Whether tapping into the secret language of dogs or
mockingbirds or light, whether tuning the mind's radar in order to detect
and understand the loneliness of a mouse or the hopes of bees, whether
opening up her own heart to explore the nuances of love for a son and even
nameless hippies--Cathryn Essinger reminds us of the magic that exists
everywhere if we just pay attention.
In wise and elegant, expertly crafted poems that we
have come to expect from this masterful poet, we are given the chance to
rethink what it means to live in a world that both gives and withholds
meaning. As I read, I felt myself opening more fully to the planet's mysteries,
regaining a sense of innocence, and learning how the world/is colored again
by wonder/and mute admiration of the unknown.
Author of Playground of the Flesh,
and The Axis of the Imponderables
In Cathryn Essinger's new book of poems What I Know About Innocence, her trademark, wit, grace and
dash are put to brilliant use to explore the realities and mysteries of
the world. Stories and relationships are made magical. Dogs and cats, birds,
mice and bees more than hold their own with people. Babies levitate and
a eulogy for a Big Blue Ball will break your heart. The last quarter of
the book deals with the impact of a murder on a farming community, proving
once again that a good poet backs off from nothing. And Cathryn Essinger
is one of our best poets.
Author of Trying to Help the Elephant Man Dance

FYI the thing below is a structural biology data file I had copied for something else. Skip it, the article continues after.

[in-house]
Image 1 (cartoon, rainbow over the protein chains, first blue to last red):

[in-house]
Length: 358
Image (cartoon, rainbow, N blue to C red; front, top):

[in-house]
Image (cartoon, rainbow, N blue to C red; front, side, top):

Cathy Essinger is a master of noticing and naming.
Both the power and the humor in her rewarding poems come from the pointed
connections she makes, as in a poem about four monks "preparing to
picnic beside / the road," where their chanting is imitated by a mockingbird.
She catches moments of wonder in poems about an "office mouse,"
about Cinderella's coach "moldering / among the windfalls," about
a squirrel asleep on a maple branch, about moonlight reflecting through
a windshield, about a sparrow's egg that reminds the poet of "The
catbird your parents raised instead of you." A broken glass and a
cut hand provide the occasion not for an exclamation of pain but for "Catching
the Light." She's intent on the "story
/ inside the story,"
nowhere more than in "Dark Flower," a sequence of vivid, gripping,
yet strikingly lyrical monologues about a murder. What
I Know About Innocence concerns itself primarily with benediction, not
just directed at what's easy to praise but what's hard to accept:
I want a blessing for unholy things-
for the catbird that empties
the sparrow's nest,
for the mice, moles and grubs that eat
at the roots of the apple tree,
that bites and stings and spoils, a blessing
in which the faithless can, nevertheless,
put their faith.
The whole book abounds in verbal and visual delights,
told in an unaffected but highly affecting voice that sounds both neighborly
and newsworthy. It's a pleasure to be caught up in these catchy poems.
Author of The Poetry Dictionary and Creating Poetry